This article was originally published on Technology.Info.
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“Every business is now a software business” - or some variation on that theme - is fast becoming an official mantra of the DevOps faithful. But what, if anything, does it mean to business executives at large enterprises? Do they understand this trend’s implications for their own business? Are they ready for the ‘app economy’?
Recently, CA Technologies set out to find answers to these questions, commissioning research company Vanson Bourne to interview 1,425 IT and line-of-business executives at organisations worldwide. Of these, 129 were based in the UK.
The resulting report, ‘
’, published in September, is intended to shed some light on the pressure that having to build innovative apps imposes on companies and how they’re bearing up under the strain.
As the reportputs it, “Yesterday’s enterprise is becoming tomorrow’s software-driven business.” As evidence for this, it presents forecasts from the research arm of conference organiser AppNation, which places the size of the app economy in 2014 at around $151 billion, and from the European Union, which suggests that applications will support 5 million jobs across the EU by 2018.
That’s all pretty tricky to verify, but the responses to CA Technologies’ survey suggests the pressures being felt are real enough. Half of respondents said that they already see significant impact of the app economy on their industry. Forty-four percent, meanwhile, say they see significant impact on their own organisation.
“What struck us most is that there are a lot of companies out there that are simply not geared up to take advantage of the app economy in particular and mobility in general,” said Bjarne Rasmussen, chief technology officer and senior vice president for Europe at CA Technologies, in an exclusive interview with Technology.info.
“It was a surprise to see how many companies haven’t yet embarked on that journey, or do not have executive leadership thinking about this issue and giving their backing to projects in their companies,” he continued. “But what we can clearly see is that those companies that don’t have a clear view on how they want to get started, how they want to assign resources, and how they’ll deal with security issues are also lagging behind on revenue growth, on profits and on market reach.”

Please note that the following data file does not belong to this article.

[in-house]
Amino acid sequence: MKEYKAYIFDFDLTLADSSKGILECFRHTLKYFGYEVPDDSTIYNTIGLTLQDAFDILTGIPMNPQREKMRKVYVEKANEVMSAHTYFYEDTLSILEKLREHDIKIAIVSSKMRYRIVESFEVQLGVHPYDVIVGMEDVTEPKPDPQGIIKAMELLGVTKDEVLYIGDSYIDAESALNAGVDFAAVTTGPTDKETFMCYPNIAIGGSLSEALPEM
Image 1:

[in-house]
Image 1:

In the survey, those participating organisations defined as ‘Leaders’ (as opposed to ‘Laggards’) are achieving more than double the revenue growth, 68 percent higher profit growth and have 50 percent more business coming from new products and services - a key indicator, says Rasmussen, of innovation and likely future success. Of the overall survey base, these Leaders accounted for 24 percent of respondents. Laggards accounted for 16 percent with the remaining 60 percent lying somewhere between the two poles.
The survey also makes a strong case that DevOps needs to become a best practice in organisations that wish to succeed in the app economy. With a view to accelerating delivery of proven, high-quality applications, almost half (49 percent) of the Leaders have adopted DevOps, compared to only 6 percent of the Laggards. And Leaders have, on average, developed four or more customer-facing application, while the Laggards have developed three or fewer.
But companies are not about address their shortcomings by outsourcing app development to specialist third-party partners; in fact, the survey shows that fewer are taking that approach today than four years ago, with the proportion dropping to 33 percent from 44 percent over that period.
Why does Rasmussen think that is? To some extent, it’s a question of integration, he says: “An app is just a front-end to an end-to-end process that reaches back into back-end systems and core processes. It involves and touches the DNA of the company. Some business flows might need to be reconsidered, even redesigned to make them a good fit with a mobile app approach - that’s not something you give away to a third party, no matter how much you trust them,” he said.
But above all, app development is simply too strategic now. “These are key channels for interactions with customers and employees. If a company doesn’t get a good handle on application development, it will quickly lose competitive advantage.”